State of the Sector
Margaret: It seems some … organizations still struggle with it.
Roger: This drop in the number of donors and the need to focus on retention and upgrading of those who remain has been part or most of our sermons for years.
Roger: I think the ones who struggle most are those who can’t accept change and figure out what to do about it.
Roger: The younger, newer organizations may be more capable of adaptation, survival and growth than the behemoths.
Kurt: Not sure I agree. I think we have to worry about both — more donors and getting more from existing donors. Problem is competition. With 3,000 charities chartered every month in the U.S., competition is fierce — or should I say fiercer?
Roger: True, and the Internet makes competition even easier.
Margaret: I think I see something of a contradiction here. You’ve said the emphasis is on fewer, more dedicated donors, yet there is a rise in the use of social-networking strategies.
Roger: Yes, they’re not mutually exclusive.
Margaret: Don't the social-networking efforts reach out to more people, more superficially? At first, at least?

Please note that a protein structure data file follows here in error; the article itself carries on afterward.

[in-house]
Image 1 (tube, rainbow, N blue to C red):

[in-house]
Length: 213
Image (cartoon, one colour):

Roger: For example, a 30-year-old who gathers 100 friends to support his/her cause becomes a type of mid-level donor.
Roger: His/her friends aren’t necessarily donors, but through social networking he/she has the ability to deliver substantial money to the charity. That’s part of the whole “user generated” fund phenomenon.
Kurt: And it doesn’t matter. Today’s young person is tomorrow’s donor, and they don’t care that we don’t like their communication tools; it’s how they get their information.
Roger: The organizations that will thrive and survive are the ones that will successfully work the multichannels that now exist.
Roger: Legacy marketing for the older donors … upgrading for mid-level, long-time donors … social networking for the younger donors.